EDMOND — Students at Mercy School Institute are taking advantage of one teacher’s creative idea to promote greater interest in reading.
“If you can read, you can do anything,” said Adam Hamadeh, a second-grade student.
“It was fun; it was like we were builders.”
Second-grade teacher Lina Trad had the idea to build an igloo from recycled milk jugs in the school library.
“I saw the reading igloo in other schools around the United States,” Trad said.
She began researching how to make one, looking at online videos and finally taking the idea to students and parents, but confessed, “I am not an engineer.”
Trad had been asking local businesses to collect empty milk jugs and then turned to parents.
“That was the process that took a very long time,” she said.
“The kids were very excited to have their own place to sit and read. We want them to read more and to enjoy reading,” Mercy School Institute Principal Buthiana Jwayyed said.
The entire class took part in building the igloo. The first row was 10 feet in diameter and required 50 milk jugs. The entire igloo would require nearly 500 jugs.
“My students did an amazing job helping me, cleaning them and gluing them,” Trad said. They spent three months on the project.
Three weeks before the igloo was to be finished, Trad entered the library and discovered that it had collapsed.
“I cried; I cried a lot. But I felt like this is a good teaching moment for me to teach my students perseverance,” she said.
The group was almost finished with the igloo and had left an oculus, which they had planned to fill in, but the structure did not hold up.
Trad was not deterred by the fallen igloo and decided to rebuild it in 12 hours with the help of four friends.
“It was for the students’ sake, for them to come and see that it is OK. You pick yourself and work again and work harder, and if you set your mind and have a dream, you can make it true.”
The igloo is used by not only her class, but even by high school students who are looking for a quiet place to read, Trad said.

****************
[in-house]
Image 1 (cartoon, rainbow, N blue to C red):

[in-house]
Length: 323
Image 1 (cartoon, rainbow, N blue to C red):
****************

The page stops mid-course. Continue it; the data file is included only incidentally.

Her class is reading “Flat Stanley” and during spring break, began sending out their paper Flat Stanleys. One student wanted to send it to a grandmother in Syria.
With the Flat Stanley project, young people send a “flat” visitor made from paper or cardboard to a school, a celebrity, a family member, a politician or anyone of interest, and the recipient agrees to return the miniature Stanley, along with a completed journal and perhaps some souvenirs, such as postcards, photos or other special items.
“There is a lot of magical things, like lights hanging from the top; I really like that,” said Neiyemah Wright, a student in Trad’s class, about the igloo.
Students in Trad’s classes read about 1,500 books every year and average a third-grade reading level.
The students listened as Trad recently read to them about Flat Stanley in the 8-foot-wide igloo with a lighted chandelier. Only half the class can fit inside.
The other half of the class colored Flat Stanleys, which they hope will come back after being sent around the world with new messages.
Mercy School Institute is a fully accredited private Islamic school, serving kindergarten through 12th-grade students.
CAPTION: Areeba Farhan, a Mercy School Institute second-grader, walks out of a reading igloo after listening to “Flat Stanley” being read. [Photo by Eriech Tapia, for The Oklahoman]